“It may be affirmed without delay that Isabel was probably very liable to the sin of self-esteem; she often surveyed with complacency the field of her own nature; she was in the habit of taking for granted, on scanty evidence, that she was right; she treated herself to occasions of homage. Meanwhile her errors and delusions were frequently such as a biographer interested in preserving the dignity of his subject must shrink from specifying.”
“Her nature had, in her conceit, a certain garden-like quality, a suggestion of perfume and murmuring boughs, of shady bowers and lengthening vistas, which made her feel that introspection was, after all, an exercise in the open air”
“I don’t know whether she is a gifted being, but she’s a clever girl—with a strong will and a high temper. She has no idea of being bored. … I know the sort of girl she is. She’s very frank, and I’m very frank. … She thinks she knows a great deal of [the word:] … like most American girls; but like most American girls she's ridiculously mistaken.”
“You seemed to me to be soaring far up in the blue—to be, sailing in the bright light, over the heads of men.”
“I hope you'll never become grossly sensual; but I'm not afraid of that. The peril for you is that you live too much in the world of your own dreams. You're not enough in contact with reality—with the toiling, striving, suffering, I may even say sinning, world that surrounds you. You're too fastidious; you've too many graceful illusions.”
"The Countess was not very exact at measurements, but it seemed to her that if Isabel should draw herself up she would be the taller spirit of the two."
Mrs. Norton was a popular poet, novelist, and a beautiful English socialite who attempted to separate from her husband in 1836. After leaving her marital home, her husband prevented her from seeing their three sons and severed her financial support. After her husband's unsuccessful attempt to prove her guilty of an adulterous affair, Caroline filed for divorce on the ground of cruelty. Her claim was rejected, as English law did not recognize cruelty as just cause for divorce. Caroline Norton had no rights to sue for divorce, and could not force her husband to maintain her financial support. She was also unable to gain access to any of the marital property. Abandoned financially by her husband, Caroline Norton began writing to support herself. However, because she was still married, her husband was legally able secure much of her earnings for himself.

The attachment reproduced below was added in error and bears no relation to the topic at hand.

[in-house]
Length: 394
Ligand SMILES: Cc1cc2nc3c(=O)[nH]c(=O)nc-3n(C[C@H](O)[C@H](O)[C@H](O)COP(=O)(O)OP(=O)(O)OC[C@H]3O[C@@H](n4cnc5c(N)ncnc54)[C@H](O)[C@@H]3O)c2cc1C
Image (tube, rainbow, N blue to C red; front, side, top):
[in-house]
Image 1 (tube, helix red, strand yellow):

"She [Isabel:] was a person of great good faith, and if there was a great deal of folly in her wisdom those who judge her severely may have the satisfaction of finding that, later, she became consistently wise only at the cost of an amount of folly which will constitute almost a direct appeal to charity."
“You don’t know where to turn. Turn straight to me. I want to persuade you to trust me,” Goodwood repeated. And then he paused with his shining eyes. “Why should you go back--why should you go through that ghastly form?”“To get away from you!” she answered. But this expressed only a little of what she felt. The rest was that she had never been loved before. She had believed it, but this was different; this was the hot wind of the desert, at the approach of which the others dropped dead, like mere sweet airs of the garden. It wrapped her about; it lifted off her feet, while the very taste of it, as of some sweet thing potent, acrid and strange, forced open her set teeth. …Isabel gave a long murmur, like a creature in pain; it was as if he were pressing something that hurt her. “The world’s very small,” she said at random; she had an immense desire to appear to resist. She said it at random, to hear herself say something; but it was not what she meant. The world, in truth, had never seemed so large; it seemed to open out, all round her, to take the form of a mighty sea, where she floated in fathomless waters. She had wanted help, and here was help; it had come in a rushing torrent. I know not whether she believed everything he said, but she believed just then that to let him take her in his arms would be the next best thing to her dying. This belief, for a moment, was a kind of rapture, in which she felt herself sink and sink. In the movement she seemed to beat with her feet, in order to catch herself, to feel something to rest on. …“Do me the greatest of kindness of all,” she panted. “I beseech you to go away!”… “As you love me, as you pity me, leave me alone!”He glared at her a moment through the dusk, and the next instant she felt his arms about her and his lips on her own lips. His kiss was like white lightning, a flash that spread, and spread again, and stayed; and it was extraordinarily as if, while she took it, she felt each thing in his hard manhood that had least pleased her, each aggressive fact of his face, his figure, his presence, justified of its intense identity and made one with this act of possession. So had she heard of those wrecked and under water following a train of images before they sink. But when darkness returned she was free. … She had not known where to turn; but she knew now. There was a very straight path.
“Whatever happens to me let me not be unjust,” she said; “let me bear my burdens myself and not shift them upon others!” … Her poor winged spirit had always had a great desire to do its best, and it had not as yet been seriously discouraged. It wished, therefore, to hold fast to justice—not to pay itself by petty revenges.
Welcome back. Just a moment while we sign you in to your Goodreads account.